Today I’d like to talk about my short story, “The DiVacci Curse.”

I originally wrote the “The DiVacci Curse” as a one-act play when I was in the midst of a playwriting class in college way back when.  Converting it from a play to a short story proved a fun and interesting challenge.  In a play, much of the story is told through the character’s actions onstage.  In a story or novel that same action has to be described in detail so that the reader can create those very images in their mind.  Details can be given in graphic, vivid description and exposition or they can be conveyed via character dialog.

An actor’s face and body language can show his or her reaction to a particular line of dialog delivered by a different character in the play, but in a novel or story the author must describe the character’s reaction clearly and unambiguously so as not to confuse the reader or lead their assumptions down a wrong or confusing path; unless, however, misdirection is the author’s intended purpose.  This method is particularly effective when writing a mystery or thriller.  This is not always an easy task to achieve.  It’s a fine balance and a tricky line to walk for the author.  Not enough detail can leave the action unclear and vague.  Too much detail and the writer runs the risk of boring the reader and disrupting the pace of the story.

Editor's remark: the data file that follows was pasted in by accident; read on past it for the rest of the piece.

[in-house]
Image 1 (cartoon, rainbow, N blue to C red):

Some aspects of “The DiVacci Curse” remain in their original stage form from when I wrote it in college, but quite a lot of the action was changed and more detail was added for the short story.  Can you locate the parts of “The DiVacci Curse” that were changed to make them more practical for the short story?  After you read it, I encourage your comments and reactions.

Until I blog again…..

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